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The Social and Cultural Contexts of Deviance - Literature review Example

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An author of the following literature review attempts to investigate the social factors that contribute to the development of antisocial behavior among children and adolescents. Particularly, the review will discuss the role of family interaction and peer pressure…
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The Social and Cultural Contexts of Deviance
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Download file to see previous pages Generally, deviance is a behavior that is seen as harmful, disruptive, or criminal. However, it may come as the result of being statistically unique. This brings into question whether there can be positive deviance. For example, if a student got straight A+ grades, the Underachievers Club may view them like a deviant. As a group, they may place sanctions on them above and beyond what they would the average student. This illustrates the concept that deviance must be seen through the lens of the social or cultural context that it takes place in (Keel, 2008).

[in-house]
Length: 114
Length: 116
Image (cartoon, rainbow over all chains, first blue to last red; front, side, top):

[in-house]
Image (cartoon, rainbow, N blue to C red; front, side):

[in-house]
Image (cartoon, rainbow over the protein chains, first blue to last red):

Social norms are the types of behavior that are established and maintained by society and are considered to be acceptable. Because deviance is the transgression of a norm and has sanctioned, the degree of sanctioning (severity) will depend on the type of norm that is violated. Formal norms are more serious, often written, and have well-defined sanctions. These would include laws, school rules, or company policies. Informal norms are the generally accepted rules that are casually followed by society to maintain order. Manners, etiquette, and proper respect are informal norms. The sanctions can vary depending on the social context and the groups involved. While you may be stigmatized as rude for talking too loudly in a restaurant, you may be asked to leave a theatre or classical performance.
Norms are formed by a general consensus of the group. The dominant group will form formal norms, while informal norms may be formed by in-groups, tradition, or pragmatism. Both norms and sanctions are constructed by society as a means of maintaining order, control, or power. Norms, deviance, and sanctions continually change through time as they are affected by economic, political, religious, and other social forces (Schaefer, 2006, pp.66-68). We continually see the results in our changing culture and our evolving worldview.

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